To add zero at the front of a number in Microsoft Excel, which automatically removes zeros at the beginning of a number, select the cell with your number, type an apostrophe and the number of zeros you need, and press

Enter.

Read on to learn alternate methods and tricks to ensure your number doesn’t lose its zero at the beginning.

## Method 1: Using the Apostrophe

**Difficulty**: Beginner**Time Estimate**: 10 Seconds

1. Click on the cell with the number that starts with a zero.

2. Type an apostrophe and then add the number of zeros you need at the beginning of the number.

3. Press the **Enter** key on your keyboard.

Easy peasy! That’s all it takes.

## Method 2: Using the Number Format

**Difficulty**: Beginner**Time Estimate**: 15 Seconds

1. Select the cell where you want to add a zero at the beginning of a number.

2. Navigate to the **Home** tab.

3. Click on the small arrow to the right of the **Number Format** menu to expand the menu.

4. Pick the **Text **option.

5. Enter a zero in front of the number.

Voila! Changing the cell from a “number” value to a “text” value allows you to keep the zero at the beginning.

## Method 3: Using Formulas

**Difficulty**: Beginner**Time Estimate**: 15 Seconds

### Formula 1

1. Pick the cell where you need the number starting with a zero.

2. Go to the **Formula** bar and type **=REPT(0,2)&A1**, where **2** is the number of zeros you need to add and** A1** is the cell with the number to be changed.

3. Hit the **Enter** key.

Piece of cake! Let’s move on to the other formulas.

### Formula 2

1. Click on the cell where you want the new number starting with zero.

2. In the **Formula** bar, enter **=TEXT(A1,00)**. Here, **A1** is the cell with the number to be changed and **00** represents the zeros you need to add.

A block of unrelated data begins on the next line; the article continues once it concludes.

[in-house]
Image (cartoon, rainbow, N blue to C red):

3. Press the **Enter** key on your keyboard.

And there you go!

### Formula 3

1. Select the cell where you want the number.

2. Navigate to the Formula bar and type **=CONCAT(“00”,A1)**, where** 00** represents the zeros you need to add and **A1** is the cell with the number to be changed.

3. Press **Enter**.

As simple as that!

## Zero in Front of a Number FAQs

Have any more questions? Let’s take a look at the most frequent inquiries and their answers.

### What are leading zeros used for?

Leading zeros are often used to ensure that a number is entered correctly. For example, if you type **005** into a cell, it will be saved as** 5**. When you’re dealing with a lot of data, it’s extremely useful to have this feature.

Leading zeros can also be used for aesthetic purposes. For example, if you are entering a list of serial numbers, you may want to add leading zeros so that all of the numbers have the same number of digits.

### Why does Excel not allow a zero at the beginning of a number?

One common issue people face is that Excel does not allow them to add a zero at the beginning of a number. This can be extremely frustrating, especially if you’re dealing with a lot of data. There are a few reasons why this might happen.

- The
**first reason**is that Excel interprets numbers that begin with zeros as octal numbers. Octal numbers are used in some programming languages, but they are not commonly used in Excel. As a result, if you enter a number that begins with a zero, Excel will remove the zero and display the number accordingly.

- The
**second reason**is that Excel saves numbers as floating-point numbers. This means that there is a certain amount of precision that is lost when a number is stored in a cell.

- The
**third reason**is that Excel has a limited number of digits that it can store in a cell. If a number is too long, Excel will simply truncate it. This means that any leading zeros will be lost.

### Are leading zeros ever significant?

In some cases, leading zeros are significant, and in other cases, they are not. For example, if you were entering a list of ID numbers into Excel, the leading zeros would likely be significant. On the other hand, if you were entering a list of prices, the leading zeros would not be significant.

### Why do we put a zero before decimal?

We put a zero before a decimal primarily to avoid confusion and to emphasize the fact that it is a decimal number. Some also do this to make the number reflect how it’s said.

For example, when we write **0.25**, we are saying **zero point two five**, but if we wrote just** .25**, it would look like we’re saying **point two five**. Including the zero helps to clarify the number.